Film7070 Week 7: 2004

2004: Brotherhood

Brotherhood is an epic Korean war movie in the same mould as Saving Private Ryan. Like Spielberg’s film it features some shockingly brutal battle scenes but it also suffers from Ryan‘s biggest failing – an overly sentimental story.

The tale of two brothers who are pressed into the service of the South when it goes to war with North Korea is overly melodramatic. Before the war they’re living a poor but idilic life, one of the brothers is getting an education while the elder helps pay for said education by doing shoe repairs. War shatters their plans but the elder brother makes a deal with his commanding officer – if he gets a medal his younger brother will be allowed to return home. Thus big brother becomes a super soldier, singlehandedly wiping out half the North Korean army. What makes this cloying sentimentality bearable is the realistic battle scenes, there’s a randomness to the battlefield that really puts you in the thick of things.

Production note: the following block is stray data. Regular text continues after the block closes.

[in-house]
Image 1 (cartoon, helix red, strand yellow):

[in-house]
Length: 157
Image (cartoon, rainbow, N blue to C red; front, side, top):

Sadly the story takes a contrived twist towards the end that sees the two brothers fighting on opposite sides. It’s at this point the film lost me and any interest I had in the resolution of the siblings story evaporated.

Brotherhood is half a great war movie but it falls down with it’s central characters and thus the viewers emotional involvement. It also makes no effort to explore the politics of the conflict – Communists are bad is about as deep as it gets, although in fairness it does show that atrocities were perpetrated on both sides.